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Nicolai Fechin. Looking for a Home

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Two countries consider this artist their own: Russia, where he was born and lived until 42, and the United States, where he spent the second half of his life. He did not like moving, he valued his familiar environment, but at the same time he had a chance to wander a lot. He experienced poverty and prosperity, love and betrayal, dictatorship and complete creative freedom. Arthive has collected a dozen facts about Nicolai Fechin.
Nicolai Fechin. Looking for a Home

Fact 1: An orphan with living parents

The father of the future artist, Ivan Aleksandrovich Fechin, was a woodcarver and had his workshop where iconostases were made and gilded. Nicolai began to paint from an early age and began to help his father in his work very early.
Over time, Ivan Fechin went bankrupt, after which his wife went to her parents and left her husband and sons, Nicolai and the younger son Pavel.
Soon his father left Kazan, and Kolya Fechin was left alone. By this time, he had already been admitted to the Kazan Art School. The teenager lived in poverty and was received rare help from his relatives.

Fact 2: A student who became a teacher

Nikolai Fechin studied at the Kazan Art School from 1895 to 1900. Ten years later, immediately after graduating from the Higher Art School at the Imperial Academy of Arts in St. Petersburg, he returned to Kazan, to his native school. Here he became a teacher of painting and drawing.
Numerous memories of Fechin’s students evidence that he was a brilliant teacher who raised the teaching in the institution to a new level. He continued to work at the Kazan school until his departure from the country.
In the 1930s, the school was transformed into the Kazan Art School, and in 2006 the school was named after N. I. Fechin
Homeless is a student work by N. Fechin. 1890s.
Kazan, Khazine National Art Gallery
Homeless is a student work by N. Fechin. 1890s.
Kazan, Khazine National Art Gallery

Fact 3: Fechin cut out sketches and “sculpted” paintings

As a child, Nikolai Fechin mastered woodcarving in his father’s studio. The famous 1920 self-portrait depicts the artist in his studio against the backdrop of home-made furniture. Sometimes he carved figurines of wood as sketches for future paintings. This was the case, for example, when creating the Slaughterhouse large-scale painting.
Fechin surprisingly combined the art of a sculptor and a painter. According to the memoirs of his student G. G. Medvedev, the artist "laid the strokes widely, using a palette knife and his fingers, with which he introduced paint into paint, as if kneading it like a sculptor. He sculpted with paints and even moistened his fingers with his saliva so that the paint smoothed out." The artist’s daughter said that because of this practice (the use of saliva when working with lead-containing paints), Fechin’s tongue became inflamed, and he had to undergo a long treatment.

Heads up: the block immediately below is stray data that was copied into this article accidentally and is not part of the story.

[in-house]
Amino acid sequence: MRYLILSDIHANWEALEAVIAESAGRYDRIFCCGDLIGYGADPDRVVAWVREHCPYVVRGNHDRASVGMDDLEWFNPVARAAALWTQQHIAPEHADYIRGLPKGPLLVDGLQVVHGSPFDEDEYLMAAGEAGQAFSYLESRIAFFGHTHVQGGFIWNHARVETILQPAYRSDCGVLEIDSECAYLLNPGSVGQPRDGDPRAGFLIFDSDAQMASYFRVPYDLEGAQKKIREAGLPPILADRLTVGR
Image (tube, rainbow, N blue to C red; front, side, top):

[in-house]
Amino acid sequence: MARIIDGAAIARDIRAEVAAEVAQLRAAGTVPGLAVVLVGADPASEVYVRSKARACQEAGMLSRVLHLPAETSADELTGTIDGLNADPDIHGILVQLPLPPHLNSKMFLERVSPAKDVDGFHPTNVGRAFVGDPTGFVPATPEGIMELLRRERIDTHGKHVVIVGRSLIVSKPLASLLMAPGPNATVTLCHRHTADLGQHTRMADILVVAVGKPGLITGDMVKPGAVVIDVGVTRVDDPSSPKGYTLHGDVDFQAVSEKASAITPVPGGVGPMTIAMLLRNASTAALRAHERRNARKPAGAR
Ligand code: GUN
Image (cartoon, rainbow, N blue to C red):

Another technique of the artist was working with absorbent casein primer. "He made casein glue himself of cottage cheese with ammonia and glycerin" (G. G. Medvedev). Such primer made the paintings matte, without glare.

Fact 4: A native of Kazan who conquered the world

In the 1910s, Niсolai Feсhin did not limit himself to teaching, he actively participated in exhibitions, including international ones. His work was enthusiastically received by the European and American public and critics, there appeared his fans and regular customers. The artist became famous primarily as a portrait painter.
  • Fechin working on a portrait
  • Nicolai Fechin. Ballerina Vera Fokina (1927)
However, Feсhin painted still lifes, landscapes and created several outstanding genre paintings (Cabbage butterfly, Cheremis wedding, Slaughterhouse).
The collector William Stimmel had invited Fechin to the United States then, but he refused because of the lack of the necessary funds and the fact that he did not know the language.
Until 22 August 2021, in the State Tretyakov Gallery, you can see an exhibition of works by Nikolai Fechin from the collection of the State Museum of Fine Arts of the Republic of Tatarstan. Kazan houses the largest collection of the artist’s works, including painting, graphics, sculpture, which were mainly created before his emigration to the United States in 1923. The most famous work of the artist is also presented: as soon as the public saw the Portrait of Varya Adoratskaya, they immediately began to compare it with the Girl with Peaches by Valentin Serov (the description of the work is on the Arthive page of the artwork).

Fact 5: The favourite model, Eya

One of the students of Nikolai Fechin at the Kazan Art School was the daughter of its first director, Alexandra Belkovich. When Fechin made contacts with Europe, he needed help in correspondence, as the artist did not speak languages. Alexandra knew French and became his secretary. In 1913, Nikolai Fechin married Alexandra Belkovich, a year later they had a daughter.
Fechin always liked drawing children, which explains the reason why his portrait of Varya Adoratskaya has become his brand work. But his only daughter, Eya, was certainly his favourite model. He painted many Eya’s portraits, from her infancy to adulthood.

Fact 6: He welcomed the first revolution, criticized the second, fled from the third

Fechin, who was then studying at the Academy of Arts, accepted the revolution of 1905 with enthusiasm. He took part in student protests, and then wrote sketches for his paintings Leaving the Factory, 1905 at the Factory, Shooting, Accidental Victim. The two latter were banned from being shown at the exhibition of student works at the Academy.
The artist had a different attitude to the February revolution of 1917. "People, inspired by ideals, hurriedly undertook to rebuild the country, to destroy the old, having neither the physical strength nor the necessary knowledge to change the old for the sake of the unknown new," he later wrote in his autobiography.